Between Marvel Studios regaining the rights to many of its properties and FOX rumored to be planning a reboot of the franchise, it seems a foregone conclusion that we will be getting a shiny new Fantastic Four film in the next couple years.
And as fans of the comic know, the key to a successful relaunch will be capturing the interpersonal dynamics of Marvel’s First Family. And that means finding a perfect central cast.
David Tennant as “Mister Fantastic”
A scientist, a genius among geniuses, Reed Richards is not your typical action hero. But let’s not forget that he was also an explorer, an adventurer, and an astronaut, and that was all BEFORE gaining super powers.
We’re talking about a man so overwhelmed with curiosity, with the desire to learn and discover and solve problems that he regularly leads his loved ones from one dangerous situation to the next. And if we’re to believe they follow him there, he better have some personality.
Tall and lanky, charismatic, hyper-intelligent: is there anyone better suited for this part than David Tennant? Few are capable of conveying the raw intellect of his fan-favorite Tenth Doctor, and the fast-talking Scot has the acting ability, charm, and nerd cred to finally turn Reed into a lead.
Elizabeth Banks as “Sue Storm”
That’s right. I said Invisible WOMAN. Not Invisible Girl. In my mind, setting back the clock and retelling the origin story incorrectly yet again is just wasting the audience’s time. We’re talking about Susan Richards, the loyal wife and mature sister, as well as one of the premier and most powerful female superheroes in 616.
Elizabeth Banks has played sweet and sassy, somber and silly. She has the acting range to bounce between lingering schoolgirl admiration of Reed, the voice of authority for Johnny, and a confidant for Ben. It doesn’t hurt that she also has the kind of classic beauty with which artists so often portray Sue but is also age appropriate as a potential mother of two (we’ll get to that later).
Eric Christian Olsen as “Johnny Storm”
Johnny Storm is the only one of the Fantastic Four who enjoys being a celebrity. He dates models, drives sports cars, and smiles for the camera every chance he gets. But when danger appears he is also the first to jump into action.
One of the best things about the previous film incarnation of the FF was Chris Evans. To be fair, he’s pretty awesome in everything, but his turn as the Torch was spot on: playful, cocky, brash, and brave in just the right proportions. So who should take Evans’s place now that he’s been promoted to Captain?
How about his sometime costar, Cocky Blonde Guy himself, Eric Christian Olsen? Olsen’s quick line delivery and knack for physical comedy make him my first choice for the role, even beating out Evans simply by being a dead ringer for Greg Land’s Johnny.
Vin Diesel as “The Thing”
Ben Grimm, the ever-lovin’, blue-eyed Thing, is the heart of the team, so getting him right is tough but crucial. Everything about The Thing is so trademark, from his color to his voice to his brow. It might be easier now to simply motion capture the character entirely to make sure everything is perfect.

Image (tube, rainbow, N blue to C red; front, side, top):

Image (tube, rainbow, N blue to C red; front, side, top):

Either way, you can’t go wrong with Vin Diesel. He has the necessary bulk AND the gravelly voice to pull off the role. And anyone who has seen The Iron Giant knows just how talented Diesel is at voiceover. This definitely seems like the biggest longshot, given the action star’s usual hefty rate, but maybe it’s not so crazy. Diesel is a bona fide nerd who plays D&D and has worked on creating video games. He also reportedly offered to take a pay cut in order to make another Riddick movie, just because he is a fan of the character. Maybe he is also a fan of Aunt Petunia’s favorite nephew?
David Boreanaz as “Namor”
Of all the supporting characters that surround the FF, the one sure thing for the next movie has got to be the Sub-Mariner. Namor has been both an enemy and an ally; he has also vied strongly for the affections of Susan Richards, which could create some interesting tension.
David Boreanaz has played both villain and hero, sometimes in the same role. He can turn from charm to rage on a dime, making him the perfect choice to capture the duality of Prince Namor.
Franklin and Valeria?
It’s notoriously difficult to cast children, and taking into consideration Franklin’s power potential and Val’s impossible precocity, casting the fifth and sixth members of the FF could be the most difficult undertaking by far. So should the kids even be in the next installment? If so, how old should they be?
Recent years have given us several action films with children in the thick of the fighting, mostly notably the megahit The Incredibles. And considering the box office magic of that film, itself a Fantastic Four homage, Fox should definitely consider the merits of skewing a superhero film to a younger demographic. They definitely need to try something different if they want a film franchise with the longevity of the comic. After all, the book is on issue 600.
If the makers of the next film don’t get it right, we will be lucky to get to four.